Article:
Covid-19 in Switzerland – the start of a difficult debate

Yesterday, I posted a table of over a dozen countries which would have daily death rates from Covid-19 worse than the USA if their populations were the same. Switzerland was one of those countries with a death rate 22% higher than the USA on December 16th, calculated on that basis. In early summer the Swiss seemed to have beaten the virus with ease. Schools and restaurants re-opened in early May, nearly everything else in June, and the first wave ended with fewer than 2,000 deaths. Now infections have surged to more than 5,000 a day and total Covid deaths are approaching 7,000, averaging between 100 and 120 a day. – very high for a small country with a population of 8.7 million. The previous peak, reached in April, was 63.

Activists lit almost 5,000 candles to commemorate the people who died with coronavirus in Switzerland, on the Bundesplatz, front of the Federal Palace, in Bern, Switzerland, 06 December 2020
Another 102 deaths were announced on Thursday: here activists in Bern light candles for the thousands who have died

At the start of December 5,000 candles were lit outside Switzerland’s parliament to mark 5,000 Covid deaths. By March, if things continue as they are, there could be 10,000 candles. But “Not every death is a catastrophe.” With these words, member of parliament Ruth Humbel ignited a debate that had been smouldering in Switzerland ever since the pandemic began back in March. She was taking part in a series of televised discussion on Swiss TV to talk about how to get through the winter, but Humbel’s comments soon dragged the debate into a row about whether how many, if any deaths from Covid-19 could be deemed as acceptable.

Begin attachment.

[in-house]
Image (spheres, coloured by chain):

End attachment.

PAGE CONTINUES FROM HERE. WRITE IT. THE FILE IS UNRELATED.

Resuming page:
These TV shows have featured debates between doctors, some of whom angrily point to the immense strain hospitals are under, while others, often GPs, cite the increased levels of depression and stress they are seeing among their patients. The vast majority of people who have died of Covid=19 in Switzerland are over 80.

One Swiss doctor told me that “we have forgotten how to die”, and argued that offering mechanical ventilation to a very elderly person was inhumane, and unlikely to save their life”. But they do reflect an approach to death that may be more pragmatic, if not more hard-headed, than some other countries. Switzerland’s health service is excellent, and life expectancy is one of the highest in the world, but many Swiss spend a lot of time thinking about the finite nature of life.

Swiss civil protection agents are deployed to help during the coronavirus disease
Swiss civil protection agents have been deployed to help authorities fight the pandemic

Assisted suicide is legal in Switzerland, and those who want to try to avoid a long and painful death are allowed to do so, and membership of assisted suicide organisations like Exit is common. When the pandemic began, elderly people openly discussed what sort of treatment they might accept if they fell ill, and many said they did not want to be ventilated.

Some Swiss do argue that the economy has been prioritised over life, and when Switzerland’s finance minister, a member of the right-wing Swiss People’s Party said “we can’t afford another lockdown”, he angered many, not least his government colleague, the Social Democrat health minister. click full source

People sit in bubbles at a restaurant during the outbreak of the coronavirus disease (COVID-19) in Lausanne, Switzerland, December 17, 2020.
These restaurant bubbles in Lausanne were still open on Thursday and Swiss leaders now face a difficult choice

What Ruth Humbel actually said was that coronavirus “is another sign that our lives are finite” and that “we need to learn to deal with death”. “Every death (not just from Covid) is a loss, but not every death is a catastrophe”.

Many Swiss would agree that this is a discussion worth having, and I would also agree. We may get to a position early in the New Year when the numbers of covid-19 patients overwhelms the NHS. A public debate may have to occur about how to run a palliative care service for the elderly and vulnerable dying of Covid-19 in the Nightingale hospitals if the NHS cannot cope – where the staffing would come from is another matter.

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